Thursday, 30 May, 2024
HomeMedico-LegalChild’s health declines as Tiger Brands listeriosis case drags on

Child’s health declines as Tiger Brands listeriosis case drags on

The parents of a baby who contracted listeriosis in her mother’s womb in 2017 are still awaiting finalisation of the class action case lodged against Tiger Brands more than four years ago, as the child suffers another health setback and their medical expenses continue to mount.

'Baby T' battled initially, but seemed to have recovered until recently, when doctors told her parents she has now lost control of her bladder and bowels.

They have already sold their home to survive because their medical aid doesn’t cover all costs, specifically the regular R2 700 scans the toddler needs, reports TimesLIVE.

Born in 2017‚ Baby T and her mother are among 1 060 South Africans who contracted listeriosis between January 2017 and July 2018 – 218 people died, mostly babies younger than four weeks, making it the world’s worst outbreak of the deadly food-borne disease.

When newborn Baby T’s head started swelling, she was diagnosed with hydrocephalus, a common listeriosis symptom. By the time she was six-months-old, she’d had three operations to insert a shunt into the ventricles of her brain to prevent excess fluid from causing damage. Evidence showed her mother was fond of Mielie Kip chicken polony and other Enterprise products.

Through contact tracing, whole-genome sequencing and other scientific techniques, the National Institute for Communicable Diseases (NICD) concluded Tiger Brands’ Polokwane meat-processing facility was the source of the outbreak and the company was forced to recall its polony products.

“The public health investigation of this outbreak was unprecedented in scope,” says attorney Bill Marler, who is assisting with the lawsuit brought by Richard Spoor and Associates and LHL Attorneys.

“Despite overwhelming scientific evidence to prove Tiger Brands mass produced and distributed contaminated polony that killed more than 200 people, led to the miscarriage and stillbirths of another 200 babies, and maimed hundreds more, the group refuses to accept responsibility. So many children, like Baby T, are denied the medical care and support they require.”

Asked how the company justified not providing Baby T’s family with interim relief by paying outstanding medical costs, Tiger Brands said it had yet to receive “a quantified claim, supported by medical reports and proof of loss or expenses for any individual claimant”, including this family.

It said: “This is despite ongoing efforts to secure such proof in those instances where the individual established a positive link to Tiger Brands’ products having caused injury.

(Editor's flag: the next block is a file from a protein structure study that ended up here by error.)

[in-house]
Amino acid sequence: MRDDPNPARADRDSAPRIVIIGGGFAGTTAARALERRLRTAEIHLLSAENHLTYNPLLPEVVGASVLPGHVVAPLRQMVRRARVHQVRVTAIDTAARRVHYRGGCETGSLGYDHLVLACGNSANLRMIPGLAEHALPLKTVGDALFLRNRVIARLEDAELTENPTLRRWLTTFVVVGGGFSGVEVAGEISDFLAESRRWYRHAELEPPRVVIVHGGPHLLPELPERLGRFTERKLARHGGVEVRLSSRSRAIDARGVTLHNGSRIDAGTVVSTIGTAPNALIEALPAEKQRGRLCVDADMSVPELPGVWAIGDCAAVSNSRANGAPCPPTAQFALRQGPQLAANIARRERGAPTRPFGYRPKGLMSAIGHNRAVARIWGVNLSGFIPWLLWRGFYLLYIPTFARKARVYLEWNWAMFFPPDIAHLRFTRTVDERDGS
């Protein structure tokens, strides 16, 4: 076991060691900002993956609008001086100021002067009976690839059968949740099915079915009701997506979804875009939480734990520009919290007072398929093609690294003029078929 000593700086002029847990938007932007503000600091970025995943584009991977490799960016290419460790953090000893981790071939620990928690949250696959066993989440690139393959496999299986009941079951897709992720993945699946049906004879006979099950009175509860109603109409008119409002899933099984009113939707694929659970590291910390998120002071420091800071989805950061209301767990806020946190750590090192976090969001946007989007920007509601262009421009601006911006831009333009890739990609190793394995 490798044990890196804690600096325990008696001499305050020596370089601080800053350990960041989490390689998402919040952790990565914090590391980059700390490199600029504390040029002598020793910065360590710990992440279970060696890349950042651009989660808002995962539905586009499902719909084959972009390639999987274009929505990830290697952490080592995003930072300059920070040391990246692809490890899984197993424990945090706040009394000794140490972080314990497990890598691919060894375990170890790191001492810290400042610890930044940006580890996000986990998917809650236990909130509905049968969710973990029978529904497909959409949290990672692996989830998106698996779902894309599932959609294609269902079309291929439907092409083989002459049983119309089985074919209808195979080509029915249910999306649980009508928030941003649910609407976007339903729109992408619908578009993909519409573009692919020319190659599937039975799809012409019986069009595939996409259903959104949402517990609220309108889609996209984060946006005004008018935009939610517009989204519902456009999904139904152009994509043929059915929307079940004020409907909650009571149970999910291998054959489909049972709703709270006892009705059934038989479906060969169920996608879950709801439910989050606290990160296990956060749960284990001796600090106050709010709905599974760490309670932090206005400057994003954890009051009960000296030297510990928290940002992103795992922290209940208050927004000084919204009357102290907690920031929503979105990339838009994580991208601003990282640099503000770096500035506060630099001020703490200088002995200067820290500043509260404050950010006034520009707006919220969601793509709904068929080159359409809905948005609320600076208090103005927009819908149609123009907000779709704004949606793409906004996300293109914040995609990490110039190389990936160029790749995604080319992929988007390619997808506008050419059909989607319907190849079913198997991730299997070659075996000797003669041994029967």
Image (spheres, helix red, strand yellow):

“In addition… Tiger Brands’ legal team and Richard Spoor have recently reached agreement to jointly approach the NICD for access to their records, vital to a determination of the action.”

Responding, Spoor agreed that Tiger Brands had not received a “quantified claim supported by medical reports”, but it had received substantial documentation outlining the harm caused to Baby T and several hundred other clients.

“In March 2018, we wrote to Tiger Brands’ attorney requesting assistance, on a without prejudice basis, for Baby T. The company gave no indication of being willing to assist.”

Spoor said his firm had appointed three renowned world experts in the field, all of whom confirmed the reliability and correctness of the NICD report.

“Tiger and their attorneys have done their utmost to delay the proceedings, firstly by engaging in what the Supreme Court of Appeal labelled a fishing exercise to compel disclosure of confidential information from other food producers, in the hope there may be another possible source of the ST6 strain missed by the NICD in the course of its comprehensive, detailed investigation.

“That took two years and yielded nothing. The manufacturers have confirmed on affidavit that no ST6 strain was found in their products or facilities during the period.”

The current delay is due to what Spoor calls “an extremely burdensome request” to see the massive volume of data in the NICD’s possession recording the precise genomic sequencing of all the samples, sequenced by the NICD and other global scientific institutions.

“The NICD is having difficulty complying with that request due to resource and capacity restraints. (This is) holding up the proceedings and has done for almost a year,” Spoor said.

Then his firm proposed its and Tigers’ experts meet to agree on the minimum information necessary to obtain for the purposes of Tiger’s defence.

“Tiger’s attorneys have declined such a meeting,” Spoor said, so meanwhile, “interim assistance for victims on a without prejudice basis and without admission of liability would be gratefully received and we remain open to engage as to how that might be done”.


TimesLIVE article – Child’s health worsens, parents’ finances dwindle as Tiger Brands listeriosis case drags on (Restricted access)


See more from MedicalBrief archives:


SCA upholds listeriosis subpoena appeal against Tiger Brands


Tiger Brands’ listeriosis victims in legal limbo for 3 years


Tiger Brands facing another listeriosis legal challenge


SA’s listeriosis outbreak fuelled by HIV and lack of awareness






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